The Registrar’s chamber was in the dome they had seen from the outside, and it was quite a change from the dull office they’d just passed through. It proved to be a large, perfectly round, room, sheathed in gold leaf, and brightly lit by the morning sun light falling through windows which had not been obvious from the street level. The effect of so much light was forge-like: blinding and just a little hot. They both stood blinking for a moment before they could take in any other details.
When his eyes cleared, Kyle looked around the room for a way to summon the Registrar. He had never been taught the exact procedure, but one of his professors has mentioned it was simple.
That proved true. He noticed there were four braziers in the room. They were probably at the chamber’s compass points, though Kyle couldn’t be sure; he’d gotten turned around walking through the building. In a stunning display of the Registrar’s power, they were all lit. The flames seemed to be gas fed, but it was still hard to imagine the effort that must have been required to get local bureaucrats to allow an open fire inside a public space. Bronze writing was set in the gold leaf of the wall at about waist height. It looked like Latin, but he couldn’t remember enough of his language classes to read it.
The whole setting hinted at classic magic. Kyle closed his eyes and drew in a tiny thread of magic to expand his awareness. The room was prepared with a spell of some sort. There was a binding in each of the braziers. It was a complex shape that he couldn’t immediately name, but he recognized it as one of the more efficient storage bindings. The storage binding was connected to the bronze words via a limiter binding that allowed magic to trickle into them slowly enough that their spell wasn’t triggered. The only conceivable purpose of such a set-up would be to magically point at the words. Thus, presumably, if he removed the limiter and let the stored magic discharge directly into the bronze he’d trigger some sort of spell for summoning the Registrar.
Or he’d blow the entire place up. No, Kyle thought, the mayor’s office would never stand for that. It’s got to be a summoning. Here goes nothing. He walked over to the nearest brazer and drew a line of magic directly from it to the tail end of an “I” set in the wall.
Kyle heard Jessie gasp behind him. Freed from the confines of the storage binding, the magical energy began to glow in the visible spectrum. It looked like complex nets of amber fire around the brazier and it discharged into the letters making them burn as well. The activation of the spell raced around the room triggering each brazer in turn and setting all the words alight. When the last letter was burning with magical energy the entire chamber rang with a difficult to describe sound. It was something like a bell, but deeper, felt in the chest as much as heard with the ears. The air in the room changed.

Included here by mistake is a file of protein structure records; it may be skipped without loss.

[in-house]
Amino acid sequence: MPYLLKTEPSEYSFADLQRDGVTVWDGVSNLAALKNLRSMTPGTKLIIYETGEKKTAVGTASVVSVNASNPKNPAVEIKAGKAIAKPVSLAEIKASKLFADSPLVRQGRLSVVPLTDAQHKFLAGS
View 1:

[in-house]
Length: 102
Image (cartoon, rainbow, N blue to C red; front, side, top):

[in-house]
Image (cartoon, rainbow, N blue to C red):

“I think that’s summoned the Registrar. Now all we have to do is wait.” Kyle had barely finished speaking when the note being sung by the magic grew louder and rose by an octave.
The floor of the chamber was stone tile. It looked to be marble with smaller, more colorful pieces set into it to make a large pattern. Kyle hadn’t paid much attention to that. The entire courthouse was made of similar materials with similar designs built into it. The courthouse had been built in an earlier, fancier, age.
However, as the note rose around him the entire pattern began to glow. Moreover, the glow wasn’t the amber of free magical current, it was bright green tinged blue of Cherenkov radiation, and it indicated an active magical effect. Kyle hoped the spell was lowering the speed of light in the area to create that glow rather than pumping out a huge number of high energy particles. The same logic that had caused him to trigger the spell made him think it was probably safe, but he still stepped off the pattern and continued backing up until his shoulders bumped into the wall. A glance to the side showed Jessie in a similar position.
The center of the room began to distort. It was subtle at first, just a wavering of the tiles and walls beyond it, but it rapidly increased until nothing but blurry color could be seen through an area of space shaped rather like a tornado. In that space a darkness grew until it was man-sized, and then continued to grow until it was half again as large as a man.
Then, abruptly, the distortion, light, and sound all cut out. There was a new figure in the center of the room, but it was so far from human that Kyle assumed it represented some new phase of the spell. It banished that impression by speaking.
“I am the Registrar of the Compact. To what purpose have you summoned me?”